The Doctor Is In: Autism Awareness
Content sponsored and provided by Henry Ford Hospital
April is Autism Awareness Month. Nearly 25 years ago, the Autism Society launched a nationwide effort to promote autism awareness, inclusion and self-determination for all, and assure that each person with Autism Spectrum Disorder is provided the opportunity to achieve the highest possible quality of life.
On Wednesday, join Deena Centofanti and experts from Henry Ford Hospital as they talk about Autism Spectrum Disorder, early signs and diagnosis.
HENRY FORD EXPERTS
Tisa Johnson-Hooper, M.D.
Medical Director, Center for Autism and Developmental Disabilities
Henry Ford Health System
Jason Majchrzak, L.L.P., B.C.B.A.
Limited License Psychologist and Board Certified Behavior Analyst
Center for Autism and Developmental Disabilities
Henry Ford Health System
In recognition of Autism Awareness month, Metro Parent magazine and Henry Ford Health System annually partner host the "Living with Autism Workshop," which provides parents and caregivers with sessions on education, therapy, behavior and an opportunity to connect with medical experts in the field.
Space is still available for those who are interested in attending the workshop from 7:30 a.m. - 4 p.m. this Friday, April 15 at the Detroit Marriott Troy. Tickets are available at the door or in advance.
Prevalence of autism in the United States is now estimated at 1 in 68 births, according to the CDC, and more than 3.5 million Americans live with an autism spectrum disorder (ASD).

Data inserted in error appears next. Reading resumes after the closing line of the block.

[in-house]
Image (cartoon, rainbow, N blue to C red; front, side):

ASD is a complex developmental disability; signs typically appear during early childhood and affect a person's ability to communicate, and interact with others.
ASD is defined by a certain set of behaviors and is a spectrum condition that affects individuals differently and to varying degrees.
There is no known single cause of autism, but increased awareness and early diagnosis/intervention and access to appropriate services/supports lead to significantly improved outcomes.
The U.S. cost of autism over the lifespan is about $2.4 million for a person with an intellectual disability, or $1.4 million for a person without intellectual disability.
Cost of lifelong care can be reduced by 2/3 with early diagnosis and intervention.
Autism Spectrum Disorder: Early Signs and Diagnosis
Autism Spectrum Disorder (ASD) is a group of developmental disabilities that can cause significant social, communication and behavioral challenges.
Some possible early signs of ASD:
- Lack of or delay in spoken language
- Repetitive use of language and/or motor mannerisms (e.g., hand-flapping, twirling objects)
- Little or no eye contact
- Lack of interest in peer relationships
- Persistent fixation on parts of objects
Studies show that early diagnosis and intervention lead to significantly improved outcomes.
Each child at Henry Ford's Center for Autism and Developmental Disabilities is evaluated through parent interview, direct observations, physical examinations, and diagnostic tools.
Depending on the child's age and symptoms, a specific team will be selected for his or her diagnostic evaluation, including a pediatrician, geneticist, genetic counselor, neuropsychologist, speech-language pathologist, neurologist and psychiatrist.
The goal of ABA therapy is to increase useful skills and decrease problem behaviors.
ABA therapy uses positive rewards to shape learning and to improve behaviors. When a child receives a reward for a certain behavior, the behavior is more likely to happen again.
ABA therapy helps children add skills that will support them in many settings (at home, at play, and at school). It also aims to increase the chance that those skills will transfer from a one-on-one therapy setting to other everyday situations in the child's life.
Another goal of ABA therapy is to decrease behaviors that may interfere with learning, such as tantrums, aggression, or repetitive behaviors (hand flapping, spinning, etc.).
Additional Treatment Options
Medical Home Clinic standard of Primary Care
Parent training programs
Social skills groups